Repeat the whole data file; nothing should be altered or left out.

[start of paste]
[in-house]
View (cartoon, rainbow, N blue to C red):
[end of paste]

[in-house]
View (cartoon, rainbow, N blue to C red):